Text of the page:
September 24, 2015

Gods, Kings & Slaves: The Siege of Madurai - R. Venkatesh - Book Review

Gods, Kings & Slaves: The Siege of Madurai

My rating: 4 of 5 stars

The key reason for me to touch upon this book was 'Madurai'. Historically Madurai has been associated with Sangam Literature, Meenakshi Amman Temple and the Pandian Dynasty. And this book is about the downfall of the Pandyan dynasty which once had its wings spread across the entire Southern India and Sri Lanka.

The timeline of the story is late 13th and early 14th century. There are two parallel story lines. One revolves around Veera who is the illegitimate son of the ruling Pandian king Kulasekharan Pandian. The story deals with Veera's fight for power with his brother Sundar who is the legitimate son of the king. On the other side, we are taken through the Gujarat Region where an young boy Chand Ram is born with the prediction that he would become the ruler of Hindustan. Chand Ram is castrated when he tries to elope with a slave girl from the king's Harem and later he becomes slave to a Arab tradesman, where he is named Malik. Further he becomes the slave of Allaudin Khilji and later the general of the great ruler.

Malik becomes a great strategist and becomes the key for Khilji to acquire the wealth of temples from South India. Veera becomes king and doesn't expect the sudden strike from Malik along with his brother Sundar. Madurai has been left unprotected as no one expects a strike. Thus ends the mighty Pandyan dynasty.

What impressed me in the book was the vivid writing. Right from the childhood of the princes, the childhood fights, politics of crowning the princes, the strategies of Veera's war in Lanka or Malik's war in Warangal, the deception all make it a great reading. The Human emotions and psychology have been captured wonderfully. When Veera is afraid in the last war, the author portrays how the administrative nature of King's work has depleted the warrior in him. Even at the end when the entire city is destroyed, the brothers would be fighting for the rule which reflects the ego and rivalry they had in them. Similarly in Delhi, Khilji would have become a very timid person afraid of the great strategist Malik and would suffer a very bad end.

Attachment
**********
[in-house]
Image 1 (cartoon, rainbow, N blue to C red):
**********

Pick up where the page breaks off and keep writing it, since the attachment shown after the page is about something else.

A great book to read if you are interested in History and wish to know about what happened in India in the 1300s.

Happy Reading!

August 2, 2015

Having Momos with uninvited Cats!

Hi Guys,

A few months back, we (me and a few friends of mine) went on a trip to Coorg and on the way we stopped by at Bylakuppe to visit the Tibetian Monastery. We decided to have lunch at a small Tibetian restaurant. It was a pretty small place and we found out that we were the only guys at the restaurant.

We ordered a few Momos and as we started eating, two small cats came by. They were kittens maturing into the cat phase. Our table was right next to the window and one cat just peeped in. First she was a bit careful about stepping in. Once she learned that we were not going to do anything, she started to walk across our legs underneath the table. The other cat was still a bit shy and was just peeping through. Meanwhile, she started lying in between my legs and my friend Ankur was saying that she is fond of me. I was a bit scared as to if she would bite or scratch my legs. So, I constantly had a look on the cat.

Personally, I love cats for a few reasons. They are so quiet creatures. They move without creating any noise and sit on walls peacefully. Their movement is so graceful and they appear naïve, but are great observers of things around them. Somehow, I find some of those characteristics in myself and hence have some fondness on observing cats. They are so nimble that nothing happens to them even if they fall from a great height.

And so, while we were eating, an old Tibetan lady and her grandson came to eat. So, my dear cat left me and went there in search of something interesting. I was a bit relaxed as she was no more at our table. The old lady just took one of the Momos and fed it to the cat. So, I assumed that the cat might be domesticated and must have lost the hunting skills (domesticated cats rely on their owner for food and the hunting capability is lost). After finishing it, she came back to us. This time we gave a small piece of Momo and finally the other cat also came in.